While concrete is not the greenest building material (with it taking a substantial amount of energy to make and carbon dioxide being released when it sets), the flip-side of Concrete Canvas is that it requires far less mass than alternative methods of similarly robust construction. So overall, less carbon dioxide is being emitted and there is less being used in transporting the material. It also has quite a low alkali capacity, so for constructions near water sources it is a good option as the damage on the ecosystem is reduced.

Who is behind it?

The UK-based Concrete Canvas Ltd company are the innovators behind this revolutionary structure, with the material known in the US as Concrete Cloth. Its founders, Peter Brewin and Will Crawford, met during their industrial engineering studies at the Imperial College London and entered a design competition run by the British Cement Association. The brief was to make a material that could be made “dry in a thin layer, wet in an uncontrolled way, then have it set without cracks into a reliably strong form.”

The material they came up with has been used for a range of civil works purposes so far, including lining water channels and stabilizing slopes, as well as to protect sandbags by the British military in Afghanistan.

How are Concrete Canvas Ltd Shelters being used?


At the moment, most of the Concrete Canvas Ltd Shelters sold are being used for military operations, with their rapid deployment and security features making them ideal in remote areas. The US, Swedish, Dutch and UAE militaries have all been testing out the shelters, with the Swedes actually testing it against mortars! But the material itself has also been used in other unique ways, with a high altitude gold mine in Chile using it to intercept glacial meltwater. The lightweight nature of the material made it far easier to work with in the low oxygen conditions of the environment, with workers only allowed to do around five hours a day.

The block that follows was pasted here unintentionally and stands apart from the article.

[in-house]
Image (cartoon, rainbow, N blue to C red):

While there’s potential for their use in the NGO sector as disaster relief shelters (and the humanitarian sector was Brewin and Crawford’s initial focus), the semi-permanent nature of the CCS is a turn-off for some organizations. There’s always the hope that disaster relief or refugee camps are only a temporary requirement (although many end up enduring for a long time) and shelters that can be completely dismantled and repurposed are preferable. Interest in their use for shelters in hurricane-prone regions has been on the increase, however, and they are currently being tested in the UK to see what wind speeds they can withstand.

How much do they cost?

At the moment, the Concrete Canvas Ltd costs around $23-60 per square meter, which means an entire shelter is anywhere from $23,000-32,000. The price is part of the issue in deploying CCS for disaster relief housing, when in most instances large quantities need to be rolled out in a short space of time, and government or private funding would be needed for NGOs to meet the costs.

Brewin explains that there is also still some reservation about using this innovative material as it’s a completely new way of using concrete. He says: “It can be hard to convince engineers to use it the first time, but once they try it we normally get a lot of repeat orders.”

Despite the challenges and concerns of implementing Concrete Canvas Shelters as a disaster relief housing solution across the world, the potential of this material is still in its infancy and the possibilities for the future are exciting.